Consciousness

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quandary
 
Reply Sun 28 Jun, 2009 03:53 am
@quandary,
Hmm..

Well I must concede to my ignorance of Buddhism and, as a result of this ignorance, I don't believe I can properly address most of your argument. However, I should like to know what it is that you mean by

"... the only metaphysical position that cannot be refuted in the dialectic..."

To my understanding and having mentioned Popper, I don't see how this claim is a substantial one. Popper believed that all metaphysical claims were irrefutable and that metaphysical argumentation should remind itself that you can only approach metaphysical theories through an understanding of its relation to the problem it tried to solve. From here I'll say that this Buddhist metaphysics you speak of agrees with Poppers theory and can be said to be most reasonable insofar as that it perhaps can explain consciousness or 'solve its problem' better than others (although I'd have to actually know what it propounds to be certain that that is correct.) However, I would also say that Popper encouraged and perhaps gave preeminence to these metaphysical theories that intended towards empirical testability and, by that fact, falsifiability. A lot of these philosophers who won't immediately subscribe to the best answer have chosen to inquire into an account of consciousness that would leave it as capable of empirical and, thereby, critical discussion that doesn't rely on the pragmatics and efficacy of the approach for legitimation (like other metaphysical claims that deny any progress towards empirical association.) Its not always just about getting it 'right' because we still must admit (presupposing Poppers epistemology here) that knowledge of reality is conjectural. Even if we were 'right' we couldn't really know it.

However, how adequate a description or explanation this Middle Way is of consciousness I do not know and with this I will renounce my ability and participation to properly discuss and dispute this subject (that was tacitly suggested) any further.
 
Whoever
 
Reply Sun 28 Jun, 2009 07:22 am
@quandary,
Quandry

Please don't renounce the discussion. I certainly wasn't suggesting you did. I was trying to be helpful.

What you say here is spot on imo. But it misses a point. The Middle Way doctrine is a neutral metaphysical position and this is irrefutable in the dialectic. Of course, most metaphysicans don't consider such a position since it appears to be paradoxical. This leaves them agreeing with Popper, Carnap, etc. that all metaphysical positions are absurd. What Nagarjuna proves, however, is that only positive metaphysical positions are absurd, while a neutral one is not.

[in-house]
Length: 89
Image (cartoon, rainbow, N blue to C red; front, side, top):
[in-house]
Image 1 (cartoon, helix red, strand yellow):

It's actually pretty easy nowadays to verify that all positive metaphysical positions are logically indefensible, since nearly all philosophers discover it and there is a great deal of literature. While it's difficult to make sense of a neutral position, it's not possible to logically refute it.

Popper, like Kant and so many others, believed that all knowledge of reality is conjectural. But they failed to falsify Nagarjuna's doctrine, so their own view is conjectural. The central claim of mysticism is that such knowledge is possible, and until we can refute this claim we are not actually forced to be so pessimistic.

The issue in the background here is that if we assume the universe is reasonable, then there must be a reasonable metaphysical proposition which describes it. If it is not then philosophy is largely a waste of time. Nagarjuna's view is therefore worth considering, for the immediate implication of his proof is that the universe is reasonable.
 
Paggos
 
Reply Sun 28 Jun, 2009 01:51 pm
@quandary,
Consciousness in my opinion, is what you know you're doing, your mind is somewhat awake, and you do what you feel when your human instincts are not present. When you're unconscious you're not human anymore.
 
 

 
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